Monday, February 29, 2016

Protecting privacy with personal VPN

There are more and more examples of privacy violation in the Internet. Even in supposedly democratic countries, the governments want to know what the citizens are up to, "just in case". For example, in my country the police have recently been given the power to eavesdrop phone calls and intercept any forms of electronic transmission, without prior permission from the court.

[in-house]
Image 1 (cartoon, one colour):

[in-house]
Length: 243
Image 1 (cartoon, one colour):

Thinking that you have nothing to worry about if you do nothing wrong is naive. Any information gathered about you can be sooner or later used against you. It can also leak, be stolen, or even sold by a corrupted police officer. Remember, that your home network consists of many devices, not only your personal computer (or computers). Your phones, tablets, TV boxes, and sometimes even your refrigerator as well as other home appliances, constantly transmit various data over the network. Many of them use RESTful APIs over unsecured HTTP channels, because it's simpler and helps keeping the costs low. But this is only part of the problem. Even if you make sure you use only encrypted HTTPS protocol, your software still needs to perform unencrypted DNS queries to translate domain names to IP addresses. This way anyone eavesdropping your network traffic can gather information about the sites you visted, how often and for how long. This so called "metadata" can reveal much more information about you than the actual content you view with your Internet browser. Metadata can tell a lot about your interests, habits, in which banks you keep your money (because you visit their sites often), what you buy and where you do your shopping, even where you plan to spend next weekend (because you just checked weather forecast for this place with your mobile phone). It can even be used to check if you are at home and whether it can be safely robbed. You can be profiled quickly and without much effort, just by intercepting transmission from you home router. Moreover, your traffic can be redirected (through DNS spoofing) to false web servers, to make you reveal some sensitive data, like logins and passwords. Also, your devices automatically synchronizing time over the Internet can be tricked into using a particular timestamp. The timestamp is a crucial element of digital cryptography: controlling the clock of your computer will make it generate predictable cryptographic keys, which then can be easily broken.